Chargers and tight end Hunter Henry want to reunite, but will they have to tag him?

Hunter Henry prepares to catch a pass.
The Chargers could put the franchise tag on free agent tight end Hunter Henry.
(Mark J. Terrill / Associated Press)

The Chargers want to keep Hunter Henry, and the tight end is interested in remaining with the team that drafted him in 2016.

After those simple truths, the situation becomes a little more complicated entering Tuesday, when the NFL’s window to place a franchise tag on players opens.

Tagging Henry for a second consecutive year would secure his services for 2021, bringing back one of quarterback Justin Herbert’s favorite targets. The move would cost the team about $12.7 million, however, a significant hit during an offseason when the salary cap will go down.

The more flexible financial option would be to sign Henry to an extension, allowing the Chargers to lower his 2021 cap number. Of course, signing players to extensions is rarely easy.


The tight-end market swelled in August when San Francisco’s George Kittle ($15 million per year) and Kansas City’s Travis Kelce ($14.3 million) signed new contracts. Though Kittle and Kelce both have been All-Pro, Henry is considered to be among the league’s best tight ends who are next in line. He is a sure-handed receiver and a dependable blocker.

Henry, 26, is coming off a season in which he had a career-high 60 catches for 613 yards and four touchdowns. He was targeted 93 times — also a career best and second on the team to Pro Bowl wideout Keenan Allen.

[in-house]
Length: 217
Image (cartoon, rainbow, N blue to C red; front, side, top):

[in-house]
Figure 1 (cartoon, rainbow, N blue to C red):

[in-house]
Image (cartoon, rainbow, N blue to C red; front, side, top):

Since quarterbacks coach Pep Hamilton has left the Chargers after a successful season with Justin Herbert, Shane Day has been given the task of developing the young signal-caller.

Feb. 11, 2021

After a torn knee ligament cost Henry the 2018 regular season, he rebounded to appear in 26 of 32 games the past two seasons. The Chargers drafted Henry out of Arkansas in the second round, No. 35 overall.

Tight end is not a position of depth for the team. Ten-year veteran Virgil Green missed the final 10 games of last season because of an ankle injury, and will be a free agent. Backups Donald Parham and Stephen Anderson combined for 18 receptions in 2020.

Casey Howard, behind a microphone, makes peace signs with both hands.
The Chargers could save $9.75 million in cap space if they cut cornerback Casey Hayward.
(Allen J. Schaben/Los Angeles Times)

The franchise tag paid Henry $10.6 million in 2020 and marked a notable development for the Chargers. The team has used the franchise tag only twice since 2011. Defensive end Melvin Ingram was tagged in 2017 before signing a four-year, $66-million extension.

Despite the salary cap decreasing, the Chargers are in decent financial shape. Although many teams will be left scrambling to meet the new budget demands, the Chargers have nearly $24 million in space, according to

Chargers quarterback Justin Herbert, the NFL’s offensive rookie of the year, said he will seek tips from Drew Brees and other veteran quarterbacks.

Feb. 9, 2021

The Chargers have made no moves to create more room. Along with restructuring deals, they could look to waive players.

The most obvious candidates to be cut include right guard Trai Turner, cornerback Casey Hayward and defensive tackle Linval Joseph.

Turner was hurt much of last season and started a career-low nine games. Hayward struggled at times while dealing with various injuries. Joseph had a solid season after signing as a free agent last offseason.

Releasing Turner would save $11.5 million against the cap; Hayward’s departure would save $9.75 million; and Joseph’s, $7.9 million.